Stephen Crane was the last of fourteen children born to a Methodist minister in 1874. His father died when Stephen was nine and the family was forced to move numerous times because of economic reasons. Crane never cared much for schooling and only completed one semester of college, however, this did not hamper his flair for writing. After leaving school, he did free lance writing and worked on his first book, "Maggie, A Girl Of The Street". The book, a study of an innocent slum girl and her downfall in a world of prostitution and abuse, was too scandalous for the time and sold only few copies. It did attract enough attention and he was able to receive backing for his next project, "The Red Badge Of Courage".
His second book brought Crane international fame. It was subtle and imaginative, while still maintaining the realism of the late 1890's in America. Crane's portrayal of Henry Fleming's growth through the terrors of a Civil War brought praise from veterans for capturing the feelings and pictures of actual combat.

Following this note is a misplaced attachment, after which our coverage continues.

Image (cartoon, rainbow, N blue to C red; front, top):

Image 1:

War and other forms of physical and mental violence fascinated Crane. He applied and was hired to be a reporter in the American West and Mexico. Crane covered the Greco-Turkish War and later settled in England where he made friends with famous writers of the time including H.G. Wells and Henry James. He later covered the Spanish-American War for Joseph Pulitzer's New York World.
The stress of his life, compounded by an almost blatant disregard for his own health, led to is contracting tuberculosis. He died in Baden, Germany in 1900, trying to recover from this illness. He became known as a poet, journalist, social critic and realist.